Lakes Festival Focus 2017: An interview with comic creator Gareth Brookes

LICAF 2017 Banner Gareth Brookes

The countdown has begun to this year’s Lakes International Comic Art Festival in October (13th – 15th). The downthetubes “Kendal Calling” interviews continue with a chat with award-winning comic creator Gareth Brookes…

A man of many media, Gareth is known for his unusual approach to materials, using embroidery, textiles, lino-cut print, stencilling and even pressed flowers in his work.

Gareth Brookes was born in Woking and studied Fine Art at Newcastle University and The Royal College of Art. In 2012 he was the winner of Myriad’s first Graphic Novel Competition, with an extract from his graphic novel The Black Project (Myriad, 2013), a book executed in the mediums of lino-cut and embroidery. It went on to win Best Original Graphic Novel at the Broken Frontier Award and was longlisted for Best Book at the British Comic Awards. Original work from the book was featured in the 2014 Comics Unmasked show at The British Library.

Manly Boys and Comely Girls - Covers

Brookes started making comics as an amusing antidote to his art practice and within a very short time found they had completely taken over. Since then he has produced a number of self-published books, including The Land of My Heart Chokes on Its Abundance. His work is also published by collectives such as The Alternative Press and The Comix Reader, while his two-comic collaboration with artist Steve Tillotson, Manly Boys and Comely Girls, are available from Avery Hill Publishing. He has delivered workshops at The Eden Project and elsewhere.

Much of Gareth’s self-published output is handmade and his stunning second graphic novel, A Thousand Coloured Castles, published by Myriad in April 2017, is produced entirely in crayon.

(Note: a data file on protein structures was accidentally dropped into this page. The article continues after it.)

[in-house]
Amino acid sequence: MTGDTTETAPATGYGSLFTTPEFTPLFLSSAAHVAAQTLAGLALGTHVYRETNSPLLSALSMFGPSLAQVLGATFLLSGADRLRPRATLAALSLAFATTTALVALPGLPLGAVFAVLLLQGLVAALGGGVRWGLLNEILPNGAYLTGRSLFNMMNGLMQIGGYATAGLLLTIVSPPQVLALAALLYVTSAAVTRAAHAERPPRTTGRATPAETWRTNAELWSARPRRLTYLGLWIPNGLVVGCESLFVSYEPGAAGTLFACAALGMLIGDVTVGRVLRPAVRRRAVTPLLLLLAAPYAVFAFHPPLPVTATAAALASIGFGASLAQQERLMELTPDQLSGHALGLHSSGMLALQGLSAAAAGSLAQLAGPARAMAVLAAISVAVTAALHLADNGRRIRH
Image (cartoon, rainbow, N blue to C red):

You may recall I said it was a graphic novel whose content I described as “the visual equivalent of running fingernails across a chalkboard“, and recommended it. Highly!

downthetubes: What are you working on, comics-wise, right now, and when will it be published?

Gareth Brookes: I’m working on a UK/Korean exchange called Storytelling Cities, it will be presented at the WOW Book Festival in Seoul in September, it should be available online somewhere thereafter.

downthetubes: Which comic project you’ve worked on are you most proud of and where can people see it or buy it?

Gareth: Right now my new graphic novel A Thousand Coloured Castles would be the thing I’m most proud of. Available in all good bookshops or on my website if you’re on Instagram you can see some of my work on there @garethbrookes

A Thousand Coloured Castles - Cover

downthetubes: How do you plan your day as a creator? (Do you plan your day?)

Gareth: I’m at my best in the morning so any writing, planning or difficult drawing has to be done before the coffee wears off. The afternoon is for colouring in and photoshoping, the evening is for embroidery.

downthetubes: What’s the best thing about being a comics creator?